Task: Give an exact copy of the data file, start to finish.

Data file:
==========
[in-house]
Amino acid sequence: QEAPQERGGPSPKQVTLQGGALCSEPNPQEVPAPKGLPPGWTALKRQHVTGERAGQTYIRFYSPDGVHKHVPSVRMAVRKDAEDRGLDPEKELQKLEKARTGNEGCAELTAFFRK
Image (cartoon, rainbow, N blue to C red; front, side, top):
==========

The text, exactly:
[in-house]
Amino acid sequence: QEAPQERGGPSPKQVTLQGGALCSEPNPQEVPAPKGLPPGWTALKRQHVTGERAGQTYIRFYSPDGVHKHVPSVRMAVRKDAEDRGLDPEKELQKLEKARTGNEGCAELTAFFRK
Image (cartoon, rainbow, N blue to C red; front, side, top):